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C Style: Standards and Guidelines (contents)

CHAPTER 6 : Layout

PART 3 : LAYOUT

CHAPTER 6 : Code Layout
6.1 Basic principles of code layout
6.2 Use of Spaces
6.3 Use of blank lines
6.4 Use vertical alignment
6.5 Indentation level
6.6 Line wrapping
6.7 Braces
6.8 Use of parentheses
6.9 Nested single statement
6.10 Empty statements
6.11 'else..if'
6.12 'switch' statements
6.13 'do..while'
6.14 Labels
6.15 Data declarations
6.16 Function declaration
6.17 Preprocessor commands
6.18 Summary

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6.7  Braces

Brace layout is probably the most noticeable element of the style of a C program. There are several common styles of brace usage which can cause significant confusion if mixed:

 

if ( LineStatus == LINE_OPEN ) {
    while ( CheckLineLevel() == LEVEL_OK )
    {
        while ( (Ch = ReadLine()) != EOF )
            {
            if ( Ch == CH_REVERSE) {
                ReverseLine();
            }
            }
    }
}

------------------------------------------------------------

It is arguable that braces are an 'unnecessary' part of the layout and that indentation alone is enough to show nesting. Against this is the argument that braces follow the principle of explicitness in laying out a block, clearly showing the start and the end.

These arguments play a part in the philosophy behind the three most common styles in current usage:

 

Kernel style

This is also known as the 'Kernighan and Ritchie' or 'K&R' style, as it is that used in 'The C Programming Language', and is typified by:

 

if ( PageWidth > PaperWidth ) {
    SetPageWidth( PaperWidth );
    TellUser( MSG_PAGE_CHANGED );
}

 

The opening brace is on the same line as the statement which creates the compound statement. The statements on following lines are indented, and the closing brace is not indented - i.e. it is directly below the original statement.

As the 'original' style, this is widely used, although it does have some disadvantages. It can be difficult to visually match the closing brace with the opening statement, especially if the block is long, and even more so if it stretches across a page boundary. The reader is then forced to match braces, which is difficult when they are not vertically aligned. The opening brace, especially, is not that easy to spot.

Consider also where the comparison is complex and must wrap to the next line:

 

if ( PageWidth > PaperWidth || PageWidth < PG_MIN_WIDTH ||
    IsNewDocument() ) {
    SetPageWidth( PaperWidth );
    TellUser( MSG_PAGE_CHANGED );
}

------------------------------------------------------------

It now becomes less clear as to where the comparison ends and the compound statement starts.

Note that Kernighan and Ritchie acknowledge that there are other, equally valid, styles, and that standardizing on one style is the most important aspect of using braces.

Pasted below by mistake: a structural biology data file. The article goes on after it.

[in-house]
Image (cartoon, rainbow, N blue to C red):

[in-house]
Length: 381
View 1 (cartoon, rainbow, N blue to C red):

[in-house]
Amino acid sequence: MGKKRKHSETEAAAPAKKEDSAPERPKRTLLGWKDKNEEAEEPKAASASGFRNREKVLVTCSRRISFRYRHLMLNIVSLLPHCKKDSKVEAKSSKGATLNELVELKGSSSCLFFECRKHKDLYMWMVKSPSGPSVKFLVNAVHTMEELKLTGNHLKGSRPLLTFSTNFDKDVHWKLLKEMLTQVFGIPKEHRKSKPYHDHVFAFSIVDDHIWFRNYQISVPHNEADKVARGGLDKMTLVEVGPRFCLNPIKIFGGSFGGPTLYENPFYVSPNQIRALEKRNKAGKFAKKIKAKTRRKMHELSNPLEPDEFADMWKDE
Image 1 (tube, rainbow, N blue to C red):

Allman style

The Allman style differs from the Kernel style in the placing of the opening brace directly below the start of the statement which creates the compound statement:

 

if ( PageWidth > PaperWidth )
{
    SetPageWidth( PaperWidth );
    TellUser( MSG_PAGE_CHANGED );
}

 

The braces are now easily matched, and, being on lines by themselves, are easily spotted. Consider now the case of the complex, line-wrapping comparison:

 

if ( PageWidth > PaperWidth || PageWidth < PG_MIN_WIDTH ||
    IsNewDocument() )
{
    SetPageWidth( PaperWidth );
    TellUser( MSG_PAGE_CHANGED );
}

 

It is now immediately clearer where the comparison ends and where the compound statement begins. The single brace after the if statement clearly delimits the start of the compound statement, and provides a natural break between the comparison and the block (although this is at the cost of an extra line, reducing the conciseness of the code).

As may have been noticed, this is the style used in this book.

This style is often favoured by programmers who have used other block structured languages, such as Pascal.

 

Whitesmiths style

The Whitesmiths style is a variation on the Allman style, where the braces are now indented to the same column as the rest of the compound statement:

 

if ( PageWidth > PaperWidth )
    {
    SetPageWidth( PaperWidth );
    TellUser( MSG_PAGE_CHANGED );
    }

 

In this style the indentation of the whole compound statement is more consistent with the indentation of a single statement, where the whole statement is indented. It also allows first level statements of a function to start at the first column, saving an unnecessary indentation or 'exception to the rule' for other styles:

 

int OpenNet( char *Password );
{
if ( OpenLine() != LINE_OPEN )
    return( NET_CLOSED )
else
    {
    WritePassword( Password );
    return( NET_OPEN )
    }
}

 

If the Allman (or Kernel) style was used with statements starting in the first column, this could result in two closing braces in the same column:

 

int OpenNet( char *Password );
{
if ( OpenLine() != LINE_OPEN )
    return( NET_CLOSED )
else
{
    WritePassword( Password );
    return( NET_OPEN )
}
}

 

Brace Variations

There are other variations on the above styles, such as modifying the Allman style to recover the lost line after the initial statement, (although this makes line insertion less easy):

 

if ( PageWidth > PaperWidth )
{   SetPageWidth( PaperWidth );
    TellUser( MSG_PAGE_CHANGED );
}

..or half-indenting the braces..

if ( PageWidth > PaperWidth )
  {
    SetPageWidth( PaperWidth );
    TellUser( MSG_PAGE_CHANGED );
  }

 

Braces are used not only in compound statements but also in such as struct's, union's and enum's. The style used for statements can be simply carried over to these declarations and definitions.

 

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